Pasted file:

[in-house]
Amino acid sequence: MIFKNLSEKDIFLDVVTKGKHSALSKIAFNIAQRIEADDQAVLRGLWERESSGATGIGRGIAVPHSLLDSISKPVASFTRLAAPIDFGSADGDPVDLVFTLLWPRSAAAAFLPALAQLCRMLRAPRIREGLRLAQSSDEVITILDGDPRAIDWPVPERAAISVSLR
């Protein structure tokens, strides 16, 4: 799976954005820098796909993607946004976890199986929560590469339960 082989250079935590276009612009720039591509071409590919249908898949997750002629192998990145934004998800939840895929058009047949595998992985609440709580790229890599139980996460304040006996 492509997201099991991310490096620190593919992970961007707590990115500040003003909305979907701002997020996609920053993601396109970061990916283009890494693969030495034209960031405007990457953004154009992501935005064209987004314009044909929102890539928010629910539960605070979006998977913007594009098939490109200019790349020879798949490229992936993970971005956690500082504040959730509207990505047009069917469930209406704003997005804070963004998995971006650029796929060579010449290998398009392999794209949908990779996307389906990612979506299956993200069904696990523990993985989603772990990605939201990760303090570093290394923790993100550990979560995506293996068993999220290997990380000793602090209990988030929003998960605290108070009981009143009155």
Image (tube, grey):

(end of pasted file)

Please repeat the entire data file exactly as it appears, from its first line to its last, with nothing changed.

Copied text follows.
[in-house]
Amino acid sequence: MIFKNLSEKDIFLDVVTKGKHSALSKIAFNIAQRIEADDQAVLRGLWERESSGATGIGRGIAVPHSLLDSISKPVASFTRLAAPIDFGSADGDPVDLVFTLLWPRSAAAAFLPALAQLCRMLRAPRIREGLRLAQSSDEVITILDGDPRAIDWPVPERAAISVSLR
């Protein structure tokens, strides 16, 4: 799976954005820098796909993607946004976890199986929560590469339960 082989250079935590276009612009720039591509071409590919249908898949997750002629192998990145934004998800939840895929058009047949595998992985609440709580790229890599139980996460304040006996 492509997201099991991310490096620190593919992970961007707590990115500040003003909305979907701002997020996609920053993601396109970061990916283009890494693969030495034209960031405007990457953004154009992501935005064209987004314009044909929102890539928010629910539960605070979006998977913007594009098939490109200019790349020879798949490229992936993970971005956690500082504040959730509207990505047009069917469930209406704003997005804070963004998995971006650029796929060579010449290998398009392999794209949908990779996307389906990612979506299956993200069904696990523990993985989603772990990605939201990760303090570093290394923790993100550990979560995506293996068993999220290997990380000793602090209990988030929003998960605290108070009981009143009155």
Image (tube, grey):